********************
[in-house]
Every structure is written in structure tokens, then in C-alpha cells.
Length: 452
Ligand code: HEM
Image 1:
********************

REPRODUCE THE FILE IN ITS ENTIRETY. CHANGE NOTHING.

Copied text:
[in-house]
Every structure is written in structure tokens, then in C-alpha cells.
Length: 452
Ligand code: HEM
Image 1: